The Weekly Wire: The Week's Recommended Events

THURSDAY 9/15 Food & Drink: Transatlantic Accord If Washington state grows the best apples on the planet, as we claim, there's no reason we shouldn't have a local hard cider as good as England's classic Strongbow, which is dry, spiky, and crisply refreshing in all the right ways. But in the course of my professional research, which consists of a) going to bars and b) drinking lots, most Washington ciders are too syrupy and sweet. If anything's going to change my mind, it's Washington Cider Week (continuing through Sunday), which includes tonight's Ciders Gone Wild tasting. Erika Tedin, of host Full Throttle Bottles, is herself a massive hard-cider enthusiast, and she strongly disagrees with my assessment of local ciders. For a robust, dry, English-style cider, she recommends Westcott Bay's Traditional Dry (from San Juan Island) and Red Barn Cider's Burro Loco (from Mount Vernon). Both cideries will be represented tonight, along with Chimacum's Finnriver and Salem's Wandering Aengus. And if you still want to try the English stuff, come back on Friday for Invasion of the British Ciders, when Strongbow will be served. Full Throttle Bottles, 5909 Airport Way S., 763-2079, Free. 5 p.m. ERIN K. THOMPSON FRIDAY 9/16 Film: Teutonic Sci-Fi There are movies that make news and movies that are news. World on a Wire is one of the latter—a virtually unknown, newly restored, two-part 1973 tele-film directed by R.W. Fassbinder at the height of his powers. Predicated on the notion of a computer-generated reality populated by "identity units" who believe themselves human, the movie looks back at The Creation of the Humanoids, forward to The Matrix, and directly at Fassbinder's notoriously cult-like power over his acting ensemble. A power-elite conspiracy yarn played out on two levels of reality—virtual and real, both suffused with free-floating paranoia—World on a Wire hardly lacks for narrative (though it runs a sloggy 205 minutes). But its meaning is largely delivered via an economical yet stylish mise-en-scène. This is corporate hell— the blandly futuristic, neon-lit look leans heavily on molded plastic furniture and ubiquitous TV monitors. Strategically placed mirrors suggest the character's illusory or divided nature, while the alienated performances—alternately declamatory and uninflected—encourage the thought that the real world, too, is rife with "identity units." And the improbably romantic ending is pure 21st century—who would have imagined Fassbinder an avatar of Avatar? (Through Thurs.) Northwest Film Forum, 1515 12th Ave., 267-5380, $6–$9. 7 p.m. J. HOBERMAN Happy Hours: Double Deals Japonessa—Spanish for "Japanese girl"—is a hip downtown sushi restaurant that attracts as many businessmen as fashionistas and turistas. (Rumor has it that pint-sized moguls Mary Kate and Ashley Olsen once made an appearance.) But you needn't run a clothing empire to feast on Japonessa's artfully prepared plates. And the double-daily happy hour here is nothing short of outrageous. Beer, sake, and wine cost $5 and under. Rolls and small plates are $6.50 and under, with sides like edamame and miso soup just $1. (Be sure to order both the Super Bad Boy Roll and tempura brie.) Best of all, unlike at most Seattle sushi bars, the chefs at Japonessa will gladly substitute brown for white rice, so you can indulge in happy hour but stay Olsen-twin svelte. Japonessa, 1400 First Ave., 971-7979, Noon–8 p.m. & 10 p.m.–close. ERIKA HOBART Film: Satan on Your Trail By no means will I argue that Race With the Devil is the best of the three old Warren Oates movies being screened this month at the GI. (Bring Me the Head of Alfredo Garcia also begins today, followed in a week by Two-Lane Blacktop.) But in 1975, as a young filmgoer, it was the most terrifying thing I'd seen in a theater. Oates and Peter Fonda (plus wives) are piloting a luxury RV from San Antonio north toward an Aspen ski vacation. En route, they stumble upon a band of virgin-sacrificing Satanists—and the chase is on! Now the lumbering RV isn't very fast, and the Satanists aren't terribly effective (they use clubs and hidden rattlesnakes as weapons). But Race is, nonetheless, a race, complete with a car-smashing highway pursuit, fiery crashes, narrow escapes, and Fonda blasting away with his shotgun atop the RV. And here's what I didn't grasp in '75: The Manson murders (and cults generally) were still seared on the American mind, and Race fuses that threat with Nixonian normalcy. The film is creepiest as Oates and company begin to realize that the helpful squares they meet on the road may not be so helpful or square. Evil can wear a mask of small-town probity. (Weekends through Sept. 24.) Grand Illusion, 1403 N.E. 50th St., 523-3935, $5–$8. 11 p.m. BRIAN MILLER SATURDAY 9/17 Books/Yoga: Bent in Every Direction Suzanne Morrison was a 20-something wisecracker with a smoking habit when she left Seattle in the winter of 2002 for a Bali retreat and found herself "stranded on an island, among piss-drinkers." That two-month trial of health-through-urine did not, happily, end her personal journey. The fun of her new book Yoga Bitch (Three Rivers, $15), which first took life as a solo stage show in 2007, lies in the way its author never lets go of her association with either of the two words in the title. Subtitled "One Woman's Quest to Conquer Skepticism, Cynicism, and Cigarettes on the Path to Enlightenment," this Bitch isn't afraid to arch an eyebrow at the "airy-fairy horseshit" and "yogier-than-thou" attitudes anyone is bound to encounter when reaching for spiritual consciousness. But Morrison is spiritual and she does reach . . . well, you'll have to read the book to find out what her version of enlightenment entails. Or follow her blog. Or catch her in person tonight. Self-promotion can stretch a soul as much as downward-facing-dog. Elliott Bay Book Co., 1521 10th Ave., 624-6600, Free. 2 p.m. (Also: Third Place, 7 p.m. Thurs., Sept. 22; and Mercer Island Books, 7 p.m. Fri., Sept. 30.) STEVE WIECKING MONDAY 9/19 Books/Stage: Unmarried With Many Husbands Wendy Wasserstein—who won a 1989 Tony and Pulitzer for The Heidi Chronicles—died of lymphoma at age 55 in 2006 after a lifetime spent wondering what women expect of themselves . . . and gay men. In Wendy and the Lost Boys: The Uncommon Life of Wendy Wasserstein (Penguin, $29.95), Julie Salamon provides an intriguing biography that considers the people who played a role in shaping Wasserstein's psyche. Among them: one helluva merciless mother and formidable Yale classmates including Christopher Durang and Terrence McNally (gay and gay). Wasserstein established herself as a female voice in 1977 with Uncommon Women and Others—also a great title, as it turned out, to describe the luminous list of actresses compelled to portray her characters on stage and screen: Meryl Streep, Joan Allen, Madeline Kahn, Julianne Moore, et al. Most of Wasserstein's work is of local interest because it incubated at the Seattle Rep under the guidance of director Daniel Sullivan. More generally, Salamon delves into her many "husbands," gay men often woven into her plays. There's a vexing fixation in fiction on those "lost boys" whom she clearly adored, but couldn't marry. Seattle Central Library, 1000 Fourth Ave., 386-4636, Free. 7 p.m. STEVE WIECKING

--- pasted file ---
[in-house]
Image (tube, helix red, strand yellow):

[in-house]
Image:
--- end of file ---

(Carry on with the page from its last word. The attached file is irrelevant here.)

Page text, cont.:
comments powered by Disqus

Friends to Follow